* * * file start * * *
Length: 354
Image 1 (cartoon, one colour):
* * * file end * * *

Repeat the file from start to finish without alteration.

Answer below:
Length: 354
Image 1 (cartoon, one colour):